Is it really so utterly unthinkable that Hong Kong could ever be more than an ideological battleground between the United States and China? Long-time residents such as Bloomberg’s Matthew Brooker think so. Traders who have been driving Hong Kong Exchanges and Clearing (0388.hk) higher this week think so. The American Chamber of Commerce in Hong Kong is not quite sure, but would like to think so.
Why? Because the two countries have too much skin in the game? Is that really the best explanation that can be offered for why financial decoupling is unlikely? If so, it is weak thinking at best, complicit at worst.
The traders are easiest to forgive for not exercising their imaginations. Nevermind that HKEX is a tougher club to join than the Nasdaq for many reasons, as pointed out by the SCMP’s Enoch Yiu. These investors clearly believe a gaggle of Chinese tech IPOs are winging their way to Hong Kong, free of cyber-reviews, and that the mass migration of listed Chinese firms from New York is also imminent.
They are just following the best advice money can buy, of course. As an FT report notes, investment bankers are desperately trying to salvage lucrative IPO fees by repackaging their New York hopefuls for Hong Kong. This is despite the odds of success, as one source said: “If you want to do a deal this year, at best you’ll be delayed until 2022 and at worst you won’t be able to do it.”
Nevertheless, they deserve sympathy. None of these people could reasonably be expected to wonder whether HKEX might now be seen by American national-security hawks the same way a target moving into the open draws a bead from a Predator 30,000 feet above.
Continue reading Believe in Hong Kong, but watch the sky
Hong Kong might be the obvious choice for Chinese tech IPOs after the central government tightened rules on overseas listings, but tough accounting and disclosure requirements still stand in the way, suggesting it could be months before the stock exchange (HKSE) starts to benefit, and even then, many aspiring companies might not make it. This is according to an analysis on SCMP written by its veteran capital-markets reporter, Enoch Yiu.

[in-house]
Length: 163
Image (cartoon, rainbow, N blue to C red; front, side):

Companies that want to shift their listing from the US to Hong Kong may have to rework their accounts and application documents to comply with the tougher standards imposed by the Hong Kong bourse operator than US exchanges, accounting and legal sources said.
Some of the biggest differences include accounting principles and reporting standards, offshore ownership structures and classes of shares with variable voting rights. “Listing requirements in Hong Kong are stricter,” said Wang Hang, a partner at legal firm Baker McKenzie in Beijing. “The key is to evaluate whether the issuer can fulfil the listing conditions. That is to say, not all of these companies are capable of shifting [their choice of venue] to Hong Kong.”
More on SCMP
After last week’s newsletter had been sent, more than one analyst came out to pronounce that Beijing’s decision to review Chinese companies’ IPOs on the New York Stock Exchange over cyber-security concerns was not about financial decoupling. Rather, it was a natural progression of China’s systematic tightening of controls over the rambunctious tech sector, they said.
Today, it emerged that Beijing plans to exempt companies wanting to list on the Hong Kong Stock Exchange (HKEX) from any such data-security reviews.
As had previously been argued, bureaucrats such as those at the Cyber Administration of China have been having a well-deserved run in the limelight recently. But make no mistake, their new-found powers are resting on their interests being aligned with loftier political goals, particularly those laid out by President Xi Jinping on July 1 speech atop Tiananmen Gate, which are aimed primarily at establishing China’s position in the world, primarily against the United States.